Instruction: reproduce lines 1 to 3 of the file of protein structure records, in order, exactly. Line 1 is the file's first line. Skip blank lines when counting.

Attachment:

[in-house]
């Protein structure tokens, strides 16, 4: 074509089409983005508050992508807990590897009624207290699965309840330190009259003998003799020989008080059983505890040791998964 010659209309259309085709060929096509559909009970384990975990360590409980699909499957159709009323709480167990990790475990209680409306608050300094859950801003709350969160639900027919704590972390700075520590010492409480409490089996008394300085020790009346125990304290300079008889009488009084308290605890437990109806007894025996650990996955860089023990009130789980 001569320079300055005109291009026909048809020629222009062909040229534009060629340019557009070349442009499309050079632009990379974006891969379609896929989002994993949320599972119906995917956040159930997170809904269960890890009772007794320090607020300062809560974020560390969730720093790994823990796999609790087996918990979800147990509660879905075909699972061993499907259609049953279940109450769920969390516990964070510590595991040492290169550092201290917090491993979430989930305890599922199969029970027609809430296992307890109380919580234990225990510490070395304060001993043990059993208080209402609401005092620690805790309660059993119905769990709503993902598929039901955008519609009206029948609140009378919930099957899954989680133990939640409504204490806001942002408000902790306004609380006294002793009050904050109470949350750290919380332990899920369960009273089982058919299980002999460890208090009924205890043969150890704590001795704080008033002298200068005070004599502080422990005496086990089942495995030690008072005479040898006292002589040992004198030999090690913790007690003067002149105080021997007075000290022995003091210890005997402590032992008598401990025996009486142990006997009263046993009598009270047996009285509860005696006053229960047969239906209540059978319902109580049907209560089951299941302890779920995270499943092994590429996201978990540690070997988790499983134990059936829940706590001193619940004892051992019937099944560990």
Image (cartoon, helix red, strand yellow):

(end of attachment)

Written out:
[in-house]
């Protein structure tokens, strides 16, 4: 074509089409983005508050992508807990590897009624207290699965309840330190009259003998003799020989008080059983505890040791998964 010659209309259309085709060929096509559909009970384990975990360590409980699909499957159709009323709480167990990790475990209680409306608050300094859950801003709350969160639900027919704590972390700075520590010492409480409490089996008394300085020790009346125990304290300079008889009488009084308290605890437990109806007894025996650990996955860089023990009130789980 001569320079300055005109291009026909048809020629222009062909040229534009060629340019557009070349442009499309050079632009990379974006891969379609896929989002994993949320599972119906995917956040159930997170809904269960890890009772007794320090607020300062809560974020560390969730720093790994823990796999609790087996918990979800147990509660879905075909699972061993499907259609049953279940109450769920969390516990964070510590595991040492290169550092201290917090491993979430989930305890599922199969029970027609809430296992307890109380919580234990225990510490070395304060001993043990059993208080209402609401005092620690805790309660059993119905769990709503993902598929039901955008519609009206029948609140009378919930099957899954989680133990939640409504204490806001942002408000902790306004609380006294002793009050904050109470949350750290919380332990899920369960009273089982058919299980002999460890208090009924205890043969150890704590001795704080008033002298200068005070004599502080422990005496086990089942495995030690008072005479040898006292002589040992004198030999090690913790007690003067002149105080021997007075000290022995003091210890005997402590032992008598401990025996009486142990006997009263046993009598009270047996009285509860005696006053229960047969239906209540059978319902109580049907209560089951299941302890779920995270499943092994590429996201978990540690070997988790499983134990059936829940706590001193619940004892051992019937099944560990």
Image (cartoon, helix red, strand yellow):